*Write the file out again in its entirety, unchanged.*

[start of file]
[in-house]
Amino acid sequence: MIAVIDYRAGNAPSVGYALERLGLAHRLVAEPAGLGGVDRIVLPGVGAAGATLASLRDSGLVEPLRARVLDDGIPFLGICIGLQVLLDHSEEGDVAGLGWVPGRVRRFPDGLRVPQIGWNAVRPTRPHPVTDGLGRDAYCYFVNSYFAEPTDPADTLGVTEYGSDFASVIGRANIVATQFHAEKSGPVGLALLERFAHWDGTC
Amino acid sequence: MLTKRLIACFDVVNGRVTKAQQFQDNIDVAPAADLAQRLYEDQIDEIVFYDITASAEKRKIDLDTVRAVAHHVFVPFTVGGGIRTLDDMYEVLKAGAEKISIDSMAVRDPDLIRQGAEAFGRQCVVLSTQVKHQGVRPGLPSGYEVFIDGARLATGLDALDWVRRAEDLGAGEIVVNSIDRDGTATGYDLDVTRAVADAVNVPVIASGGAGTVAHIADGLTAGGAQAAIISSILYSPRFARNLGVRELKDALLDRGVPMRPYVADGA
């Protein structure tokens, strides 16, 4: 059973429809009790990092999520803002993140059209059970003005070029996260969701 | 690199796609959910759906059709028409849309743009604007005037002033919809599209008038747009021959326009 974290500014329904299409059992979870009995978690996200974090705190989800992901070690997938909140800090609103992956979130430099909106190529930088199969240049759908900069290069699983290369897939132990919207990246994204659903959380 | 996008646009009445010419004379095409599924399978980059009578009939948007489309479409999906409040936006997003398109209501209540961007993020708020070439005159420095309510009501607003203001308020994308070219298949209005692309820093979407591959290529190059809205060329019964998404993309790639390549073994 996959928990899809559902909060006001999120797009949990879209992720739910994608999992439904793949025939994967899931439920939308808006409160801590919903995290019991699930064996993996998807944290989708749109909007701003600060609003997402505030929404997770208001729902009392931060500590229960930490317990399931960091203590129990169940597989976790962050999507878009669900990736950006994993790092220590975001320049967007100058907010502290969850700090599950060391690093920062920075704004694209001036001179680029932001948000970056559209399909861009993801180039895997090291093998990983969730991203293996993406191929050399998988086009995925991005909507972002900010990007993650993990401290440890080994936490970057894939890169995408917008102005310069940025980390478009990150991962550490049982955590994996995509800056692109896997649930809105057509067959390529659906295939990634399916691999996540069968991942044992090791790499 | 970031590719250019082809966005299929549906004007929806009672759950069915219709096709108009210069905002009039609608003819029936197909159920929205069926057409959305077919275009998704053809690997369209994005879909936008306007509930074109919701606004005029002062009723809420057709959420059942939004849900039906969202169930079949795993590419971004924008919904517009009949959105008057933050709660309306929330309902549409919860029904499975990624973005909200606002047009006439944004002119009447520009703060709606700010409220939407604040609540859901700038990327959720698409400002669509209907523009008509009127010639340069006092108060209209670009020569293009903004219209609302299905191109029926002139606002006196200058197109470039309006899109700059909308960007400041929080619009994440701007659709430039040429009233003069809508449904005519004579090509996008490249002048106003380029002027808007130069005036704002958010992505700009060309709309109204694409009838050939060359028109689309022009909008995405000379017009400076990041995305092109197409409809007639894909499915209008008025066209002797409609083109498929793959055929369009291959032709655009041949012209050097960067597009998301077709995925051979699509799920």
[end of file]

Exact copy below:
[in-house]
Amino acid sequence: MIAVIDYRAGNAPSVGYALERLGLAHRLVAEPAGLGGVDRIVLPGVGAAGATLASLRDSGLVEPLRARVLDDGIPFLGICIGLQVLLDHSEEGDVAGLGWVPGRVRRFPDGLRVPQIGWNAVRPTRPHPVTDGLGRDAYCYFVNSYFAEPTDPADTLGVTEYGSDFASVIGRANIVATQFHAEKSGPVGLALLERFAHWDGTC
Amino acid sequence: MLTKRLIACFDVVNGRVTKAQQFQDNIDVAPAADLAQRLYEDQIDEIVFYDITASAEKRKIDLDTVRAVAHHVFVPFTVGGGIRTLDDMYEVLKAGAEKISIDSMAVRDPDLIRQGAEAFGRQCVVLSTQVKHQGVRPGLPSGYEVFIDGARLATGLDALDWVRRAEDLGAGEIVVNSIDRDGTATGYDLDVTRAVADAVNVPVIASGGAGTVAHIADGLTAGGAQAAIISSILYSPRFARNLGVRELKDALLDRGVPMRPYVADGA
């Protein structure tokens, strides 16, 4: 059973429809009790990092999520803002993140059209059970003005070029996260969701 | 690199796609959910759906059709028409849309743009604007005037002033919809599209008038747009021959326009 974290500014329904299409059992979870009995978690996200974090705190989800992901070690997938909140800090609103992956979130430099909106190529930088199969240049759908900069290069699983290369897939132990919207990246994204659903959380 | 996008646009009445010419004379095409599924399978980059009578009939948007489309479409999906409040936006997003398109209501209540961007993020708020070439005159420095309510009501607003203001308020994308070219298949209005692309820093979407591959290529190059809205060329019964998404993309790639390549073994 996959928990899809559902909060006001999120797009949990879209992720739910994608999992439904793949025939994967899931439920939308808006409160801590919903995290019991699930064996993996998807944290989708749109909007701003600060609003997402505030929404997770208001729902009392931060500590229960930490317990399931960091203590129990169940597989976790962050999507878009669900990736950006994993790092220590975001320049967007100058907010502290969850700090599950060391690093920062920075704004694209001036001179680029932001948000970056559209399909861009993801180039895997090291093998990983969730991203293996993406191929050399998988086009995925991005909507972002900010990007993650993990401290440890080994936490970057894939890169995408917008102005310069940025980390478009990150991962550490049982955590994996995509800056692109896997649930809105057509067959390529659906295939990634399916691999996540069968991942044992090791790499 | 970031590719250019082809966005299929549906004007929806009672759950069915219709096709108009210069905002009039609608003819029936197909159920929205069926057409959305077919275009998704053809690997369209994005879909936008306007509930074109919701606004005029002062009723809420057709959420059942939004849900039906969202169930079949795993590419971004924008919904517009009949959105008057933050709660309306929330309902549409919860029904499975990624973005909200606002047009006439944004002119009447520009703060709606700010409220939407604040609540859901700038990327959720698409400002669509209907523009008509009127010639340069006092108060209209670009020569293009903004219209609302299905191109029926002139606002006196200058197109470039309006899109700059909308960007400041929080619009994440701007659709430039040429009233003069809508449904005519004579090509996008490249002048106003380029002027808007130069005036704002958010992505700009060309709309109204694409009838050939060359028109689309022009909008995405000379017009400076990041995305092109197409409809007639894909499915209008008025066209002797409609083109498929793959055929369009291959032709655009041949012209050097960067597009998301077709995925051979699509799920």